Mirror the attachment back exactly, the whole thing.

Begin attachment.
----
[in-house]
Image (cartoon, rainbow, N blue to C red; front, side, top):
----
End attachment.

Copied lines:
[in-house]
Image (cartoon, rainbow, N blue to C red; front, side, top):